Passion Pit

Having formed in late 2007 in Cambridge, Massachusetts, Passion Pit only played a handful of shows before winning The Boston Phoenix’s Best Music Poll. Soon after, labels came knocking.

They were subsequently signed to New York based, Les Savy Fav associated, indie label Frenchkiss, and Columbia in the UK. Next came a big synchronisation deal for a Canadian PSP ad and support slots with big names such as Death Cab For Cutie.
Now Passion Pit are riding high on the crest of a wave of critical and commercial success that looks set to carry them from hottest band on the blogs to mainstream success.

Capsule, Michael Jackson and classic pop music from the ’60s are cited as the primary influences on this year’s Manners album, Passion Pit’s debut. Other obvious comparisons include The Flaming Lips, Of Montreal and Late Of The Pier, alongside east London electro trooper Max Tundra. Who, it turns out, is set to tour with the band later in the year. “He just like hit us up on MySpace and we’ve ended up touring together. Which should be cool. It’s funny how MySpace works,” says guitarist and keyboardist Ian Hultquist.

Passion Pit: Sleepyhead, from the album Manners

One can see how, with the plethora of great bands striving to push the studio technology boat all the way out in terms of texture and production and meet it with timeless song writing. As well as the many great records produced by The Flaming Lips and Of Montreal, there have also been recent hard hitting studio achievements such as the Geoff Barrow-produced Primary Colours by The Horrors and Animal Collective‘s Merriweather Post Pavillion.

Successful ‘indie’ music is still, and maybe to some extent will always be, in debt to the great ’60s pop records. Sergeant Pepper and Pet Sounds’ influence will continue to ring on through the ages. “It was always so cyclical how that would go, going out and going in,” says Hultquist. “Now it’s just like whatever you want. There’s people doing really boring, straight ahead good music though, and there’s people doing really weird stuff, and (others doing) somewhere in between.” Is where you can actually sustain a living? “Yeah.”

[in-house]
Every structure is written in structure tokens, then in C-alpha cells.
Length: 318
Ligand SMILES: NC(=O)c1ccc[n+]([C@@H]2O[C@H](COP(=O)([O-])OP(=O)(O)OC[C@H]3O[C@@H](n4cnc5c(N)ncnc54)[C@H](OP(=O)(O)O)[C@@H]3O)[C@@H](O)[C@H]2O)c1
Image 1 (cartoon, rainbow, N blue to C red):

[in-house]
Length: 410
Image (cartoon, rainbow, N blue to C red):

Someone else who’s somehow marrying extreme avant garde music to a fine pop hook is Micachu. Not such obvious bedfellows, it’s a pleasant surprise to hear that there’s a musical meeting of these great minds, floating somewhere in the digital ether. “I did a remix for her two and a half years ago, for Golden Phone, and I’ve been trying to meet her for seriously two years,” Hultquist says.

“At one point during the show I looked over and Bruce Springsteen was standing on stage, watching us.” – Passion Pit’s Ian Hultquist won’t forget their Glastonbury debut any time soon

Another aspect that’s helped with the rise and rise of Passion Pit is their incredible live show. A marvellous collision of live electronics and hard rocking band line up, it’s led to a string of festival dates across Europe that’s already included an early highlight, with a triumphant set on the John Peel stage at Glastonbury. “It was everyone’s first time there and you hear so much about it and it was kind of unbelievable to be there,” he says. “At one point during the show I looked over and Bruce Springsteen was standing on stage, watching us. So that was unbelievable, it was really cool.”

A platform for many of these indie bands with more than a slight experimental/psychedelic edge at Glastonbury was the Park. “I went and saw Bon Iver on the Park Stage. That stage was so cool, I hope we can play there at some point.” Animal Collective were another highlight of the weekend; Merriweather Post Pavillion’s experimental indie has certainly paved the way for Manners. “It’s great, incredible, I think it’s like their most accessible record yet,” he enthuses. “If someone doesn’t know them they can get into it easier than their other stuff.” Also, like Animal Collective, Passion Pit are masters of the use of electronics in a live arena. As far as Passion Pit are concerned, using synths and gadgets in this way could well be the future of music.

“There’re so many variables in an electronic set up that it leaves so much more room for someone to do something new that no else has done before,” he enthuses, “whereas with a four-piece rock guitar band it probably has been done before.”

Passion Pit: The Reeling, from the album Manners

The key to Passion Pit’s huge, warm sound is the array of vintage, analogue synths that they have at their disposal. “On stage right now we have a Juno 60, a Juno 106, an SK 15, plus a Moog Little Phatty”. Not a fan of digital keyboards, the band always, where possible, go for that classic, analogue sound. “It’s almost something you can feel. Like people come up to us onstage and say it sounds better than you’d think that it would. Then they see that most of our keyboards are old analogue synths.”

With a summer all set at some of Europe’s biggest festivals and an extensive UK tour with dates already sold out, it’s onwards and upwards for Passion Pit’s particular brand of innovation.

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